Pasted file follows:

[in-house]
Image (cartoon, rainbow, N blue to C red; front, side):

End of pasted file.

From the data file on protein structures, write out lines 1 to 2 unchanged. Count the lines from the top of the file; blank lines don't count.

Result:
[in-house]
Image (cartoon, rainbow, N blue to C red; front, side):